2001's 3000 sales didn't bother HP's Prather
September 12, 2011
It was somber day yesterday, looking 10 years back. But 10 years ago, less than one week off 9/11, HP also announced its plans to acquire Compaq. The merger would mix product lines from twin competitors in enterprise (Compaq's Digital unit, and HP) and in personal computing (Compaq and HP). The blending meant elimination for some enterprise products from Digital (its Alpha processors) and pruning some from HP. Two months later, the slow-growing branch of the HP 3000 got its pruning orders off of HP's futures.
Early that same year, the general manager of HP's 3000 business expressed no worries about 3000 sales running well behind HP's Unix. Winston Prather had other things to think about in January of 2001. He'd been running the group for about 14 months.
The fact that the 3000 business is a much smaller business than the 9000 portion is a fact of life. It doesn’t bug me. I understand that there are people who wish that wasn’t the case. But it just doesn’t bother me the way it bothers some people.
Customers are much less concerned about this than when I read 3000-L. That’s a whole different world. They are not representative of the majority of our customers. They’ve very vocal and adopt new technologies much faster than the rest of our customers. They are leading edge, and lead customers to new technologies. I can get highlights of issues that might come up from reading 3000-L, but those issues never seem to come up when I talk to the CIOs.
That was a January interview. By November, just beyond that merger announcement, Prather was announcing the demise of the 3000's ecosystem. His November reports included worries about that ecosystem heard from HP customers. These must have been customers Prather didn't know 10 months earlier.
Prather, who now runs one of HP's remaining in-house environment enterprises in NonStop, did admit that the first full year of his management was a sales disappointment. The problem during 2000, he figured, was that HP had better hardware models it'd been talking about all year with the customers.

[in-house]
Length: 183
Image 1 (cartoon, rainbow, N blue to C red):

I would say that the last year has not met my expectations for what the business should have done. And when I think about why, I think about the fact that there’s new products coming.
Any reader who's wondering if these quotes are out of context should have a look at the original interview. Those answers may have told resellers and software vendors that the towers of 3000 legacy were in jeopardy just months before the N-Class and A-Class servers went on sale. HP told everyone by fall of 2001 that MPE application ecosystems were in trouble. The app trouble must have dawned on Prather and his team suddenly, considering what he stated in January.
What really does matter is much more the customers, than the applications. If customers continue to invest, then the platform will be around forever. And if they don’t, it won’t. I know this isn’t palatable for a number of the extreme supporters. I work for a company that, to be honest, wants to meet the customers’ needs and it doesn’t have to be a 3000. As much as I love the 3000 platform, I’m here to meet a customer’s needs using all the products that HP has. If we meet their needs in the future with Unix or Linux, that’s success for me.
So today Prather is meeting HP customer needs with NonStop products, which are neither Unix or Linux. What he can count upon is that this September's HP no longer is distracted by striving to be Number 1 in computers, a bald-faced desire while it acquired Compaq. The merger provided a small moment of crowing when HP swallowed an old rival. But even in that September moment, we wrote that customers -- the ones Prather said held the deciding vote on 3000 futures -- were wondering how HP would sort out everything it owned.
HP now owns what remains of Digital’s technology, since Compaq acquired Digital in 1998. Digital’s war cry during that RISC delay of 1986 was “Digital has it now.” Seasoned HP 3000 observers noted that Digital win, but wondered about the work to integrate so much technology.
“I suppose the operative phrase is ‘HP has it now,’ ” quipped Michael Berkowitz, systems manager with Guess, Inc. “But let’s see: seven current operating systems, (MPE/iX, HP-UX, Linux, NT, OpenVMS, Tru64unix, Non-stop Himalaya). Yeah, it should only take about a hundred years to put this together.”
The story that started unfolding that season featured players like Berkowitz exiting from employers. "Guess went from in-house with the 3000 to a software package on January 1, 2004," he reported this summer. "On 3/19/04, my services were no longer necessary. However, they needed me back a couple of times since then to do work on the 3000 (move to new disc) and no one knew how to do an install. Needless to say, my rate for that was somewhat higher than my salary."
That's just about all Berkowitz has done with a 3000 since '04. He says he misses it, as well as COBOL programming. Today he's a software project manager on a Windows/Foxpro software package.
And those customers Prather counted upon? They have now watched HP take about 10 years to tease that merger apart. HP wants to refocus on enterprise computing and enterprise software. The sort of businesses represented by the HP 3000 of the 20th Century, and the unique design of MPE and IMAGE. They provide the lesson about the loss of vigilance -- and how leaders remain aware of which business is the foundation of succcess for both a vendor and its shareholders (now sellling $24 stock). And oh yeah, successes for its customers.